Hands Off My Patagonia: Chile Leverages its Most Precious Biogem as it Struggles to Satisfy a Growing Need for National Energy

The New Song of Chile – No to HidroAysén (Difamadores)

The future of Chile’s Patagonia continues to be a source of steep controversy as a large-scale dam project looms. HidroAysén is the name of the $3.2 billion hydroelectric dam project that appears to be slowly moving forward in the Aysén region of the South American country. If HidroAysén is executed according to current plans, it will be a complex of five dams on two rivers that would flood more than 12,500 acres of pristine Patagonia territory. The Chilean government’s approval of the project last year was promptly challenged by the project’s opponents in the Chilean courts. Recently, the nation’s Supreme Court rejected seven appeals filed objecting to HidroAysén. Since this ruling, the project has continued to advance.

Aside from the environmental impact, HidroAysén is particularly controversial in Chile because the country is having trouble securing enough energy supplies to keep up with its own economic growth. In order to fuel such growth, it is estimated that Chile will need to double its electricity capacity generation over the next 10 to 15 years. HidroAysén would contribute 2,750MW – or 20 percent of the country’s electricity demand – of energy to Chile’s energy system.

The HidroAysén project has been met with a great deal of opposition. Last summer, after the Chilean government announced its initial approval of the project, several massive protests filled the streets of Santiago and the country’s other major cities. The protests resulted in 28 police officer injuries and more than $100,000 in damage to public property. The project has also taken a toll on President Sebastián Piñera’s administration; his approval rating fell to 36 percent in May of 2011, after his administration announced the approval of HidroAysén.

Opponents say that Chile should instead focus its efforts on modernizing current energy sources and on implementing improvements that would make the current system more efficient. Environmental organizations, like Greenpeace Chile, further argue that HidroAysén’s benefits are too small to merit destruction to parts of Patagonia. Opponents are also skeptical of the government’s claims that one of HidroAysén’s primary purposes is to provide poorer Chileans with cheaper energy. Instead they contend HidroAysén is simply a means to provide cheap electricity to the mining industry, which is at the core of Chile’s economic prosperity.

Meanwhile, the Chilean government argues that, in order to meet the country’s growing energy demands, it needs to implement agressive energy alternatives than what is already in place. The government further explains that the project is part of Chile’s goal to reduce its 96 percent dependence on imported oil and give the country more energy independence. The Chilean government defends the need for HidroAysén and projects like it because, while alternative energy, like solar or wind, is more sustainable, such sources are not as reliable or stable as more traditional energy sources. Despite the level of opposition to the project from the public, President Piñera has expressed a great deal of support and praise for the project. Piñera has explained to the press that while he is concerned with protecting the environment, he is more concerned with the health and quality of life of his fellow Chileans.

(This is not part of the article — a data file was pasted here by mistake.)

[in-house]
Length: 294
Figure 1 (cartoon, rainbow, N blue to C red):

Chile has been criticized because, compared to Brazil or Argentina, it is doing very little to incentivize renewable energy development and that in five to ten years, solar options that achieve the same goals will be cheaper than it will be to operate and maintain HydroAysén. Opponents say Piñera is showing signs of the kind of corporate-government economic free-market concentration that has defined past Chilean governments and they remain suspicious of the project’s true motives since an Italian-Spanish-Chilean consortium owns HidroAysén, and the majority stakeholder, Endesa Chile, owns most of the water rights to both rivers the dam would affect.

HidroAysén does not expect to have final approval until about 2013. The first dam could be operating by 2019, the last by 2025. After several months of debate, the controversy continues to be an issue of national concern. It is unclear whether the potential HidroAysén project in a place with some of the most dramatic landscapes in the world, when officially approved, will reflect a compromise between the Piñera administration and the Chilean people.

But for now, the biogem that is Patagonia remains safe.

Gaby Corica is a rising third year law student, a member of the Denver Journal of International Law and Policy, and a Senior Editor on The View From Above.

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